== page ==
But though I'll gladly trace these scenes with thee,
Yet the sweet converse of an innocent mind,
Whose words are images of thoughts refined,
Is my soul's pleasure; and it sure must be
Almost the highest bliss of human-kind,
When to thy haunts two kindred spirits flee.

by John Keats.

Sonnet Xxii. By The Same. To Solitude.

OH, Solitude! to thy sequester'd vale
I come to hide my sorrow and my tears,
And to thy echoes tell the mournful tale
Which scarce I trust to pitying Friendship's ears.
Amidst thy wild-woods, and untrodden glades,
No sounds but those of melancholy move;
And the low winds that die among thy shades,
Seem like soft Pity's sighs for hopeless love.
And sure some story of despair and pain,
In yon deep copse, thy murm'ring doves relate;
And, Hark! methinks in that long plaintive strain,
Thine own sweet songstress weeps my wayward fate;
Ah, Nymph! that fate assist me to endure,
And bear awhile--what death alone can cure!

by Charlotte Smith.

O Solitude! If I Must With Thee Dwell

O Solitude! if I must with thee dwell,
Let it not be among the jumbled heap
Of murky buildings: climb with me the steep,—
Nature's observatory—whence the dell,
In flowery slopes, its river's crystal swell,
May seem a span; let me thy vigils keep
'Mongst boughs pavilioned, where the deer's swift leap
Startles the wild bee from the foxglove bell.
But though I'll gladly trace these scenes with thee,
Yet the sweet converse of an innocent mind,
Whose words are images of thoughts refined,
Is my soul's pleasure; and it sure must be
Almost the highest bliss of human-kind,
When to thy haunts two kindred spirits flee.

by John Keats.

In the garden that I know,
Only palest blossoms blow.

There the lily, purest nun,
Hides her white face from the sun,

And the maiden rose-bud stirs
In a garment fair as hers.

One shy bird, with folded wings,
Sits within the leaves and sings;

Sits and sings the daylight long,
Just a patient plaintive song.

Other gardens greet the spring
With a blaze of blossoming;

Other song-birds, piping clear:
Chorus from the branches near:

But my blossoms, palest known,
Bloom for me and me alone;

And my birdling, sad and lonely,
Sings for me, and for me only.

by Ina D. Coolbrith.

The Voice Of Ocean

A cry went through the darkness; and the moon,
Hurrying through storm, gazed with a ghastly face,
Then cloaked herself in scud: the merman race
Of surges ceased; and then th' Aeolian croon
Of the wild siren, Wind, within the shrouds
Sunk to a sigh. The ocean in that place
Seemed listening; haunted, for a moment's space,
By something dread that cried against the clouds.
Mystery and night; and with them fog and rain:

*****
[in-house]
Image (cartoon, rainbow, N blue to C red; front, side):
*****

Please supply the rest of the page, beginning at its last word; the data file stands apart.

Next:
And then that cry again as if the deep
Uttered its loneliness in one dark word:
Her horror of herself; her Titan pain;
Her monsters; and the dead that she must keep,
Has kept, alone, for centuries, unheard.

by Madison Julius Cawein.

A flower - shrivelled, bare of fragrance,
Forgotten on a page - I see,
And instantly my soul awakens,
Filled with an aimless reverie:

When did it bloom? the last spring? earlier?
How long? Where was it plucked? By whom?
By foreign hands? or by familiar?
And why put here, as in a tomb?

To mark a tender meeting by it?
A parting with a precious one?
Or just a walk, alone and quiet,
In forests' shade? in meadows' sun?

Is she alive? Is he still with her?
Where is their haven at this hour?
Or did they both already wither,
Like this unfathomable flower?

Translated by: Genia Gurarie, summer of 1995

by Alexander Sergeyevich Pushkin.

O SOUL on God's high seas! the way is strange and long,
Yet fling your pennons out, and spread your canvas strong;
For though to mortal eyes so small a craft you seem,
The highest star in heaven doth lend you guiding gleam.

O soul on God's high seas! look to your course with care,
Fear most when winds are kind and skies are blue and fair.
Your helm must sway at touch of no hand save your own–
The soul that sails on God's high seas must sail alone.

O soul on God's high seas! sail on with steady aim,
Unmoved by wind of praise, untouched by seas of blame.
Beyond the lonely ways, beyond the guiding star,
There stretches out the strand and golden harbour bar.

by Jean Blewett.

O soul on God's high seas! the way is strange and long,
Yet fling your pennons out, and spread your canvas strong;
For though to mortal eyes so small a craft you seem,
The highest star in heaven cloth lend you guiding gleam.

O soul on God's high seas! look to your course with care,